U.S., Cuban generals should talk

PARTS OF our Cuban community were agog last week over a video, shown on WLTV-Channel 23, showing American officers, including Marine Gen. John Sheehan, the U.S. Atlantic Command's commander -- schmoozing with Cuban officers at the U.S. base at Guantanamo last December.

``It is shocking to observe top U.S. officials of an institution dedicated to defending our freedom fraternizing with the military leader [Cuban Gen. Carlos Perez Perez] of a regime which is a sworn enemy of the United States, . . . '' fumed U.S. Rep. Ileana Ros-Lehtinen, R-Miami.

`Enemies' routinely talk

``Shocking''? I'd call it ``appropriate,'' or even ``essential.''

Professional soldiers respect one another's roles and perils. They know that they may face death in combat because of rash decisions by hotheaded politicians whose only peril is not to be re-elected (or, in dictatorships, to be toppled).

In that light, South Korean officers talk with their North Korean ``enemies.'' Israeli officers talk with their Syrian ``enemies.'' U.S. officers during the Cold War talked with their Soviet ``enemies.'' What's different about U.S. and Cuban officers talking?

Nothing. And yet, given Cuba's special status and the Cuban military's crucial role within it, everything.

``This meeting was not Jack Sheehan's decision,'' says a State Department official whom I cannot identify. ``It is part of our Cuba policy.''

Under this policy, for years U.S. and Cuban officers have met infrequently at Guantanamo ``to discuss migration issues and mutual-safety issues,'' says General Sheehan's aide, Navy Capt. Craig Quigley. General Sheehan has attended ``a couple'' of these meetings. They became monthly during the 1994 rafter crisis. They're usually held, as this one was, in a tent at the base's northeast gate.

General Sheehan and Gen. John Shalikashvili, chairman of the Joint Chiefs of Staff, stopped at Gitmo on a trip to Haiti last December. General Shali didn't attend the U.S.-Cuban meeting. General Sheehan was the guest speaker, Captain Quigley explains, and he wanted to introduce General Perez Perez to Col. John McKay, a highly decorated Marine who was succeeding Navy Rear Adm. Michael Haskins as commander of Joint Task Force 160. That's the unit formed to deal with Haitian, and then Cuban, rafters at Gitmo.

Building a record

The U.S. policy also aims to show the Cuban officers that the Castro regime, not they, is the United States's adversary, my State Department source says. ``The Cuban military is not going to disappear,'' this expert rightly reckons. ``It's going to be there after Castro. It might well be the [next Cuban] government.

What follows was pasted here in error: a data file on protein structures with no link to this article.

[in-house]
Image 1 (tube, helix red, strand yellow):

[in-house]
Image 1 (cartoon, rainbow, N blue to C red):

``So we want the Cuban military to know that we mean it when we say, `We'll see you next week at 4 o'clock.' Because at some point we might have to say, `If you don't do such-and-such by 4 o'clock, we'll do this-and-such' [i.e., attack]. We have to build a record of keeping our word.''

General Perez Perez is ``the guy whose job it is to prevent Cubans from getting into the minefield, and to retrieve those who do get into it,'' my source says, adding more significantly:

``We don't want them [the Cubans] making a mistake and shooting at our guys, or us making a mistake and shooting at their guys, because of a plane taking off the wrong way, or a helicopter over the minefields'' -- or a Cuban or U.S. patrol trying to rescue somebody risking death among the mines. Is that unreasonable? To me, it's eminently sensible.

Hear now Ed Gonzalez, a Cuba specialist with the RAND Corp. and professor emeritus of political science at the University of California at Los Angeles. He's the author of major RAND studies on Cuba for the Pentagon in 1994 and last April.

Those two studies, he says, ``feel that the Cuban military is the most pivotal, critical institution in Cuba today. It's more important than the ruling Communist Party. This [military] institution is critical to the survival of the regime. It's also going to play a pivotal role in Cuba's future.

``We therefore need to cultivate ties to Cuba's military. It is counterproductive to the United States not to do so. Those who criticize that meeting are therefore playing into Castro's hands when they criticize General Sheehan and Admiral Haskins.

Sorting sheep from goats

``What you want to do with a regime is to try to divide it,'' Professor Gonzalez adds, ``to try to sow divisions between the fidelistas and the raulistas [followers of Raul Castro], between the potentially progressive military officers and the hard-liners.

``What you don't want to do is to coalesce the regime, to give the Cuban military no choice but to defend Castro. You want to make it clear to the Cuban officers that they have a life after Fidel Castro.

``We know next to nothing -- next to nothing -- about the Cuban military,'' Professor Gonzalez goes on, ``and one of these days one of these guys may show up at the presidential palace, and we're not going to know a thing about him.'' Thus the protest of Cuban-Americans in Congress against the U.S.-Cuban officers' meeting ``is like saying you're going to turn off the headlights on your car when it's pitch dark and raining.''

He's right. General Sheehan is no naif. He's tough, smart, a Marine's Marine. He should be commended, not castigated, for continuing these military-to-military contacts. By flogging him, the Cuban Americans in Congress actually are working against the peaceable transition in Cuba that they profess to want.

1996 The Miami Herald. The information you receive on-line from
The Miami Herald is protected by the copyright laws of the United States.
The copyright laws prohibit any copying, redistributing, retransmitting,
or repurposing of any copyright-protected material.
Send questions and comments to feedback@herald.com

Return to Index